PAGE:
Dempster's won't start any playoff games and could be left off the roster entirely.
Playoff rosters are constructed a bit differently than regular season rosters because teams don't need five starting pitchers or, in most cases, more than five or six bullpen arms because of the two expected days off in each five or seven-game series.
For this reason, teams are in a position to take the best group of pitchers, regardless of salary or past success, while struggling hitters who may have been the odd man out with a four or five-man bench aren't as likely to be left off.
In the case of Pirates first baseman/outfielder Garrett Jones, who is currently in a 4-for-31 slump and has lost his starting job after the acquisitions of Justin Morneau and Marlon Byrd, his ability to hit the ball out of the park—he has 99 homers in five seasons with the Bucs—gives him a solid shot at a playoff roster spot despite his lack of production in September.
A pitcher like Ryan Dempster, on the other hand, might not be as fortunate. A rough second half (5.22 ERA) ensured he would be the odd man out in the Red Sox rotation once Clay Buchholz returned from the disabled list. But a recent move to the 'pen—he pitched a scoreless inning on Saturday and another scoreless inning on Wednesday—might not allow him enough time to prove that he should be part of the playoff relief corps.
Here are four more notable pitchers who were expected to play bigger parts on their team's success but could be on the outside looking in once the playoffs start.
The fact that Brett Anderson missed most of the season with an injury isn't a surprise. He made just 24 starts over the past three seasons due to multiple injuries. The fact that he hasn't been needed to fill a more integral role upon his return, however, and could be left off the playoff roster despite being healthy is a big surprise.
With rookies Sonny Gray and Dan Straily locking down rotation spots, there was no room for the 25-year-old Anderson, who was the team's Opening Day starter. Instead, he's pitched out of the bullpen, allowing 10 earned runs and 19 hits in 14.2 innings.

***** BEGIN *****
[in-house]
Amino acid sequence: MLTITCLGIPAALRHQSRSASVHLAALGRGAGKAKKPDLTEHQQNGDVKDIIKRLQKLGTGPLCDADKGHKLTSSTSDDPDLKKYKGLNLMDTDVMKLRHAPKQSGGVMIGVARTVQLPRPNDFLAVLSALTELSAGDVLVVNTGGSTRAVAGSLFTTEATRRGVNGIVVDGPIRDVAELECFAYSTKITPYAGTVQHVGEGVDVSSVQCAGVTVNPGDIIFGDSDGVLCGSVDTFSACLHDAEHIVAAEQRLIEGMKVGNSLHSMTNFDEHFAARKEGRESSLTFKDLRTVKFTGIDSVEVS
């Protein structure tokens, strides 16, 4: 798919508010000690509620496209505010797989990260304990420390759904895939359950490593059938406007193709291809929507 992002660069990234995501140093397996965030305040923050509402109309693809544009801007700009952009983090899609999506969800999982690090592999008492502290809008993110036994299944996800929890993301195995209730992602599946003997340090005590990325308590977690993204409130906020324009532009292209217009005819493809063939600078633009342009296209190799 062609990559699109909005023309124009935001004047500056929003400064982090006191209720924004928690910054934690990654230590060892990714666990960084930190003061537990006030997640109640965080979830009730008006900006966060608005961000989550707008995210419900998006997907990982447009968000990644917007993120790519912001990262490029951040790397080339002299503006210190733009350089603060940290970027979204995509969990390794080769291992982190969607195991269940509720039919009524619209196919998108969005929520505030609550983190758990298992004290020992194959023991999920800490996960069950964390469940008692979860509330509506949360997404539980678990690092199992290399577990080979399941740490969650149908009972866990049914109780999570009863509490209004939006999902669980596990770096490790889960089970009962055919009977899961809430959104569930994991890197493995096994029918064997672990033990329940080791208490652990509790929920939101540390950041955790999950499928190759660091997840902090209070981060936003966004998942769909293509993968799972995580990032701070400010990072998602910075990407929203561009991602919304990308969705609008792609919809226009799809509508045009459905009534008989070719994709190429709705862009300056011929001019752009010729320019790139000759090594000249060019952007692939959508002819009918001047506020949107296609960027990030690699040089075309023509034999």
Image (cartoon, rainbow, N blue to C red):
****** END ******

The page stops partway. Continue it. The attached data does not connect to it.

With lefties Sean Doolittle and Jerry Blevins each having terrific seasons, there's no need for Anderson to take up a spot.
When Jose Valverde fell apart in last year's playoffs, it was lefty Phil Coke who came to the rescue and earned the team's only two saves for the remainder of the playoffs. Despite picking up the loss in the deciding game four loss to the Giants in the World Series, Coke finished the postseason with an 0.84 ERA, two walks and 13 strikeouts in 10.2 innings pitched.
A year later, the Tigers find themselves headed back to the playoffs but the 31-year-old Coke might not be in the bullpen this time around. And it's unfortunate because he had bounced back from a rough start to the season (5.83 ERA in first half), allowing just one earned run in 10 innings over 19 games before a disastrous outing on September 18 (0.2 IP, 3 ER, 3 H, 2 BB).
Coke hasn't pitched since because of a sore elbow, making him a very unlikely option, especially now with Drew Smyly entrenched in the primary lefty setup man role.
There's no shame in losing the closer's job early in the season to the extremely talented Kenley Jansen. But Brandon League, who was re-signed to a three-year, $22.5 million contract prior to the season, hasn't been entrusted with a high-leverage role since—he has two holds and one blown save in the 2nd half—and it's not likely to change in the playoffs.
In fact, League has fallen behind several pitchers not with the club early in the season, including Brian Wilson, Carlos Marmol and rookie Chris Withrow.
Since a productive seven-appearance run (3-0, 8.2 IP, 0 R 4 H, 2 BB, 4 K) in July and August, the 30-year-old has allowed 10 earned runs and 23 hits in 13 innings pitched. He's lucky to be in a mop-up role right now. Unfortunately for him, a mop-up reliever isn't needed on the playoff roster.
Jake Westbrook pitched out of the bullpen during the 2011 playoffs and didn't pitch at all last postseason, although he was recovered from a late-season oblique injury. It's not that he didn't deserve a start. He's been a very solid back-of-the-rotation starter since the team acquired him at the 2010 trade deadline. But with Chris Carpenter and Kyle Lohse part of the rotation, he was the fifth best option.
If there was going to be a playoffs series when Westbrook would be needed, though, it looked as though it would be 2013. With Chris Carpenter and Jaime Garcia out for the entire season, the 35-year-old Westbrook would fill the role of veteran workhorse behind ace Adam Wainwright.
It appeared even more likely with Westbrook's ERA sitting at an impressive 2.95 after a July 24 victory over the Phillies. But he allowed 28 earned runs over his next 26 innings before landing on the disabled list with a lower back strain. He returned earlier this month but only to find there was no room him in the rotation with the way that young pitchers Michael Wacha and Joe Kelly were pitching. There won't be room in the bullpen, either.